Muras Matters: Selling an Unwanted Christmas Jumper? Beware The Tax Trap


Millions of UK individuals often now sell second hand clothes on digital platforms, whether to declutter their wardrobe, discretely dispose of that unwanted Christmas jumper or as a side venture on platforms such as Vinted, eBay and Etsy. Vinted for example has over 8 million registered sellers in the UK with some users claiming they have turned selling second hand clothing into a full-time job. New information powers are due to come into force which will enable HM Revenue & Customs (‘HMRC’) to receive details of this online income.

From January 2024 digital platforms will have to report sellers data to HMRC and this will not just cover sellers of second hand clothing but many other forms of online income as well. Digital platforms such as eBay, Vinted and Airbnb will be included in the data HMRC will collect.


New rules will come into force from 1 January 2024 requiring digital platforms to start collecting seller data which they will then be required to pass over to HMRC. The information HMRC receive will be used to match against taxpayers’ records to ensure people are correctly reporting their income on their tax returns.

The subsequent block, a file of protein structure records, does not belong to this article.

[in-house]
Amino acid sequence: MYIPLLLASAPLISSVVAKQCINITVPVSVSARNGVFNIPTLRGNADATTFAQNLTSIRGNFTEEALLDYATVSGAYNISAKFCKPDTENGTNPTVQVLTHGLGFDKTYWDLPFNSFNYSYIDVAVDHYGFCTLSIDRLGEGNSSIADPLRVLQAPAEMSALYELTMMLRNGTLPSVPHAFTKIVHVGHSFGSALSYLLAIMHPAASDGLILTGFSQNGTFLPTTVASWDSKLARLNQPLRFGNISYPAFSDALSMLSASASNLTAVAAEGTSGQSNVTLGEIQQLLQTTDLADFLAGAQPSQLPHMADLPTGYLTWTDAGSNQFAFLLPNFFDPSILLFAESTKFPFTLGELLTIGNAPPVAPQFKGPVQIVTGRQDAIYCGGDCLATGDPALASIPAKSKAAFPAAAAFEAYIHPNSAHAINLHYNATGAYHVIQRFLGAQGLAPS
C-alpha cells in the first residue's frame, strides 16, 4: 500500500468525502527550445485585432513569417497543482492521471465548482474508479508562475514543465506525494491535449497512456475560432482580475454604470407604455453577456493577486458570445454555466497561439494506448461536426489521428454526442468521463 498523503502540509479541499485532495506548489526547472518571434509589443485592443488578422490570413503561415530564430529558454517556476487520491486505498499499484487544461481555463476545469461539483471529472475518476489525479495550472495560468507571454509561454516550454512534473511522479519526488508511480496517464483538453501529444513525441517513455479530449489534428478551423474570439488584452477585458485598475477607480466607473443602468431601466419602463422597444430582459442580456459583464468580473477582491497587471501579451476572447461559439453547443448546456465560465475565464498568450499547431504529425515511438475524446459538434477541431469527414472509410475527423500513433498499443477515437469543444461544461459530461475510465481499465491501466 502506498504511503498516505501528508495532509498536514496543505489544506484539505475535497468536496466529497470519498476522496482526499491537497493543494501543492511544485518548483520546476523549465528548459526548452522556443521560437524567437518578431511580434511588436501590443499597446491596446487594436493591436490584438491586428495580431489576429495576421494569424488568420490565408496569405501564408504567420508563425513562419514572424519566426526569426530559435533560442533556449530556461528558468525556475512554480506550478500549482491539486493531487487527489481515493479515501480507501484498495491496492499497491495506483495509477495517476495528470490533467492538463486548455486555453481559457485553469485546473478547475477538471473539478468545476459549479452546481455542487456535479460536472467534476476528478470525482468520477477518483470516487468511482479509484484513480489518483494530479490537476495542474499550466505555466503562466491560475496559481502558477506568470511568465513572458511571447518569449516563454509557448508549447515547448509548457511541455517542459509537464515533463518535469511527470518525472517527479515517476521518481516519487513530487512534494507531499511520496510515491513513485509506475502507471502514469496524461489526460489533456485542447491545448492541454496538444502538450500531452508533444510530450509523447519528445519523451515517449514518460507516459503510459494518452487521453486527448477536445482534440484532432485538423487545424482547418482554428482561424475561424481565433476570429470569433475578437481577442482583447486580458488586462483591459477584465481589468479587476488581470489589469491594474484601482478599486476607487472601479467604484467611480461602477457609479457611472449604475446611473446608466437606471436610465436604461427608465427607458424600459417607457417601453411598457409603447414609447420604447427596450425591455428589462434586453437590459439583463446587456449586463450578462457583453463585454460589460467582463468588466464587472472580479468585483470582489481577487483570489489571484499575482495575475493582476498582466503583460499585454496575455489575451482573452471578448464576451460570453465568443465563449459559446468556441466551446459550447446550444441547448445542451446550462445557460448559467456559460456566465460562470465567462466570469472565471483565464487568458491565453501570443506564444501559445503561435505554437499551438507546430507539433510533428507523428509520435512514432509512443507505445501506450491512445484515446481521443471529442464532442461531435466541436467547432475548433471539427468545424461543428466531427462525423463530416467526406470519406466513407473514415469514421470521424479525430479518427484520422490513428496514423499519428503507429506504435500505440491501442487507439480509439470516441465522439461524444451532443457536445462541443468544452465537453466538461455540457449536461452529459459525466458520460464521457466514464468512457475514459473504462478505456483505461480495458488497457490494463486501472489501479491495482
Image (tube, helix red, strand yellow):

The measures being introduced will not only impact sellers of goods but also those renting out properties on Airbnb, as well as other rental platforms, or individuals selling their services online.

The first reporting deadline for online platforms will be 31 January 2025, and there will be hefty fines and penalties for those platforms failing to submit reports or submitting ‘inaccurate, incomplete, unverified sellers’ records’ in order to incentivise them to meet their reporting obligations.

For the occasional seller receiving no more than £1,700 for fewer than 30 sales in a reporting period, their information will not need to be reported to HMRC. However, this does not mean that such an individual does not have any tax reporting obligations.

It is important to remember that what may be considered as just earning a little extra, HMRC might deem ‘trading’. It can depend on the number of transactions made, or the nature of the assets sold and on whether there is a profit-seeking motive, for example buying premium items from an outlet and then selling them at a profit online.

Individuals making sales of £1,000 or more in a year will need to consider whether they are required to file a self-assessment tax return online with HMRC. There may well then be income tax and National Insurance contributions to be paid on such income.

The information collected by online platforms and shared with HMRC will also be required to be shared with the sellers themselves. This should assist individuals in becoming aware that they may have a reporting requirement and to helping in getting their tax affairs in order.

If you would like further information on the tax impact of online trading, or on any of the points raised above, please contact our Tax Director, Jenny Marks.

To see our other news items please visit our Muras Baker Jones – Blog.